1. The most important thing about buying a new bike is to make sure it fits. The only way you'll know if the bike is right for you is to size up the bike and make sure that the bike's geometry matches your body's geometry. Ask questions and do some research.
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2. If possible, try to find a shop that will let you demo the bike on real dirt. Five minutes in a parking lot won't cut it. You wouldn't buy a car without a real world test drive, and a bike should be no different.
3. Don't belive the hype. Just because your favorite rider or best friend rides a certain bike, that doesn't mean that's the best one for you. Have an open mind and be realistic about your needs and ability.
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  1. #1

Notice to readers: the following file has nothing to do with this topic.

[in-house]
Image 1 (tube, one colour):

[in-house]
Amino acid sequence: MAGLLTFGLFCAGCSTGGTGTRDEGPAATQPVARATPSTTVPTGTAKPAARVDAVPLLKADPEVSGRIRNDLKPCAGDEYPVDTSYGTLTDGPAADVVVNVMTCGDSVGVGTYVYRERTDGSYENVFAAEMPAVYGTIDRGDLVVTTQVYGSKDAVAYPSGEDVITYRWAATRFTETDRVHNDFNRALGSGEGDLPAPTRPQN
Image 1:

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    Let's beat a dead horse.

    I'm new to MTB (race Mx all the time) and looking for a better transition to clipless pedals. I currently have some cheap crank bros. and I'm not too comfy uncliping in technical stuff. Is there some other brand that is easier for beginners?

  2. #2
    I post too much.
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    One that is recommended a lot are shimano's 520's.

  3. #3
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    Quote Originally Posted by snaky69
    One that is recommended a lot are shimano's 520's.
    +1. I'm riding 540s now, which are very similar to the 520s. I have no experience with Crank Brother's pedals (aside from the 5050s on my FR bike) so I can't compare the shimanos to the CBs. To aid in learning clipless pedals, I would spend a lot of time just riding (nothing too technical) and clipping in/unclipping a lot. You have to get to the point that you unclip without thinking about it. If you have to take even a fraction of a second to think about unclipping, that can be the difference between getting a foot down in time and tumbling off the bike.